Pansonic HDC 700 review: Pansonic HDC 700

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MSRP: $999.95
3.5 stars

CNET Editors' Rating

2.5 stars 2 user reviews

The Good Very good low-light video quality; full set of manual features; 1080/60p recording option.

The Bad Smallish, low-resolution LCD; coarse EVF; some edge artifacts in video; middling still photo quality.

The Bottom Line The flash-based Panasonic HDC-TM700 and its hard-disk sibling, the HDC-HS700, stand out for their low-light video quality and broad set of manual controls. However, while the TM700 is very attractively priced for its class, the HS700 is not, and not worth the price premium unless you absolutely need the hard disk.

7.9 Overall
  • Design 7.0
  • Features 8.0
  • Performance 8.0
  • Image quality 8.0

One of the least expensive and most compact camcorders available with a full manual feature set and electronic viewfinder, plus a 1080/60p recording mode, the Panasonic HDC-TM700 presents an attractive option for users dissatisfied by the quality and lack of controls of midrange HD camcorders but wary of paying $1,000 or more for the privilege. And though it falls short in a few aspects, for the most part it delivers what they're looking for.

The TM700 has an almost identical--but overpriced--sibling, the HDC-HS700, which costs about $400 more simply for the unnecessarily large 240GB hard disk. The body is also nearly identical to its predecessor, the TM300/HS300. It's similarly comfortable to hold, especially with the slight upward curve toward the back that makes the zoom switch and photo button easy to reach. As with competitors' designs, you pull out the EVF to enable it and turn on the power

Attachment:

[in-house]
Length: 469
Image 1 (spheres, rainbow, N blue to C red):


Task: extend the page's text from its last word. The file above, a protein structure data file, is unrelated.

Panasonic HDC-SD60/TM55 Panasonic HDC-HS60 Panasonic HDC-TM700 / HS700
Sensor 3-megapixel CMOS 3-megapixel CMOS 3 x 3-megapixel 3CMOS
1/4.1 inch 1/4.1 inch 1/4.1 inch
Lens
(with Active SteadyShot disabled)
25x
f1.8-3.3
35.7 - 893mm (16:9)
25x
f1.8-3.3
35.7 - 893mm (16:9)
12x
f1.5-2.8
35 - 420mm (16:9)
Min illumination (lux) standard: 1400
low light: 4
Color Night View: 1
standard: 1400
low light: 4
Color Night View: 1
standard: 1400
low light: 1.6
Color Night View: 1

EVF

No No Yes
0.27 inch, 123,000 dots
LCD 2.7-inch 230,400-dot 2.7-inch 230,400-dot 3-inch 230,400-dot
Primary media SD/8GB flash; SDXC 120GB hard disk; SDXC 32GB flash/240GB hard disk; SDXC
HD recording AVCHD:
1080/60i @ 17 , 13, 9 Mbps; 1440x1080/60i @ 5 Mbps
AVCHD:
1080/60i @ 17 , 13, 9 Mbps; 1440x1080/60i @ 5 Mbps
AVCHD: 1080/60p 28Mbps; 1080/60i @ 17, 13, 9 ,5 Mbps
Manual shutter speed and iris Yes Yes Yes
Accessory shoe No No Yes
Audio 2 channels 2 channels 5.1 channels;
mic, headphone jacks
Body dimensions (WHD, inches) 2.0 x 2.6 x 4.4 2.2 x 2.6 x 4.4 2.6 x 2.7 x 5.4
Operating weight (ounces) 10.5/10.5 (est) 12.9 15.2/17.7
Mfr. Price $499.95/$529.95 $699.95 $999/$1,399.95
Ship date March 2010 March 2010 April 2010